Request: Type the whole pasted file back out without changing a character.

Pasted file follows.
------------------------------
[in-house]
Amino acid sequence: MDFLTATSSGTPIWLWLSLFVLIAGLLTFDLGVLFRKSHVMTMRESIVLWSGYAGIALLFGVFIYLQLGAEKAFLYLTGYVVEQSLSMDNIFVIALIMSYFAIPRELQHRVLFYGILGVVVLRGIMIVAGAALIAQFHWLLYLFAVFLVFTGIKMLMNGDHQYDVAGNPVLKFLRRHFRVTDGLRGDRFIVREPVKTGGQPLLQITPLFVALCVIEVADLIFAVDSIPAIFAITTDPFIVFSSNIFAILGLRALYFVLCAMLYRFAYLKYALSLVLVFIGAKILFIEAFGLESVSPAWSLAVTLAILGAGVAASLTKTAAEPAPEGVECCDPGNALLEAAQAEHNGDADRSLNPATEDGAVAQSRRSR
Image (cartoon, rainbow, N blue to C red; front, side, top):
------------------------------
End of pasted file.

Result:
[in-house]
Amino acid sequence: MDFLTATSSGTPIWLWLSLFVLIAGLLTFDLGVLFRKSHVMTMRESIVLWSGYAGIALLFGVFIYLQLGAEKAFLYLTGYVVEQSLSMDNIFVIALIMSYFAIPRELQHRVLFYGILGVVVLRGIMIVAGAALIAQFHWLLYLFAVFLVFTGIKMLMNGDHQYDVAGNPVLKFLRRHFRVTDGLRGDRFIVREPVKTGGQPLLQITPLFVALCVIEVADLIFAVDSIPAIFAITTDPFIVFSSNIFAILGLRALYFVLCAMLYRFAYLKYALSLVLVFIGAKILFIEAFGLESVSPAWSLAVTLAILGAGVAASLTKTAAEPAPEGVECCDPGNALLEAAQAEHNGDADRSLNPATEDGAVAQSRRSR
Image (cartoon, rainbow, N blue to C red; front, side, top):